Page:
Rx for readers: Difficult operations

The decision whether to operate needs to be made by the patient together with the surgeon.

Gaza pills AP for gallery (photo credit: Associated Press)
Gaza pills AP for gallery
(photo credit: Associated Press)
I am a middle-aged man. I had an operation 16 months ago for bilateral inguinal hernia, with mesh inserted. Shortly before that operation, an ultrasound investigation showed an umbilical hernia, but upon examining me, the surgeon said he did not find such a hernia and thus would not operate on it. The operation was open, as requested by my urologist, because he thought there was the possibility that I may need to have my prostate removed in the future.

A few days ago, an ultrasound scan discovered three hernias, including the old umbilical one and two inguinal hernias, which the radiologist told me are internal, as opposed to the ones that were repaired. Another senior surgeon I consulted about the recent ultrasound diagnosis did indeed find the three hernias by clinical examination. He is not in a hurry to operate, and he in fact asked me to lift objects, as well as my small grandchildren, and to report back to him in a month as to whether the exertion was accompanied by pain.

When I lift something and feel pain only eight hours later, is this a direct result of the exertion? In my case, the former inguinal hernias were not painful, while one of the “new” ones is mildly so, and the umbilical hernia causes pain, but only rarely. The new surgeon has informed me that a second hernia operation at the same spot is normally done the other way; that is, if the original was an open operation, then the second one will be laparoscopic, and vice versa. He also said that to do an open operation after a previous open operation is very difficult. But I understand that a prostatectomy after a laparoscopic hernia operation is also very difficult, if not impossible. So how can I trade off the two difficult operations?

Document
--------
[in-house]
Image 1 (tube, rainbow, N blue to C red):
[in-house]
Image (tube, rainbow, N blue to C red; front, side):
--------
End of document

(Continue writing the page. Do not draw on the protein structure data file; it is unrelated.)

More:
Could it be there is something about my tissues that makes it likely that any hernia that I would correct would only open again after a short time or is there something about the operating technique that might cause this to happen? Finally, would I be best not undergoing a hernia operation in the near future?

I.J., Givat Shmuel
Dr. Yaakov Ulano, a leading hernia surgeon and assistant director of the surgery department at Netanya’s Laniado Medical Center and head of a private clinic in Bnei Brak, replies:
Postoperative wounds can cause pain on exertion, regardless of whether the repair was or was not successful. With time, the pains usual lessen in intensity and frequency. I myself still feel some pains after heavy exertion some 16 years after my hernia surgery. However, most people forget they ever had an operation.
Open prostatectomy surgery after laparoscopic hernia repair may or may not be feasible depending on the local reaction to the mesh that is inserted to strengthen the tissue. There are usually other ways to deal with enlarged prostates not requiring the return to that operative site. The main problem is if a radical prostatectomy is needed for a malignancy, which fortunately is a much rarer occurrence.
Surgeons are aware of this problem and try to minimize or avoid the dissection too close to the bladder, trim the mesh in that area, or use lightweight meshes. The speed at which patients want to return to work after laparoscopic hernia repair motivates the use of this technique. You may have a genetic weakness of the tissues – something that is more common after the age of 45 and even more so in smokers. The use of mesh strengthens the repair and should prevent future hernias, so you really should have no need to worry about recurrences.
The operating technique can and does influence the recurrence rate. It should be noted that many surgeons, including myself, rarely or never refer patients for an ultrasound scan. This is because the radiologist may “see” something that may have no significance whatsoever and should not be the basis for deciding on an operation. That the second surgeon detected the new hernias is more significant. Many of these findings need not require the patient to have a new operation. The decision whether to operate needs to be made by the patient together with the surgeon.
Rx for Readers welcomes queries from readers about medical problems. Experts will answer those we find most interesting. Write Rx for Readers, The Jerusalem Post, POB 81, Jerusalem 91000, fax your question to Judy Siegel-Itzkovich at (02) 538-9527, or e-mail it to jsiegel@jpost.com.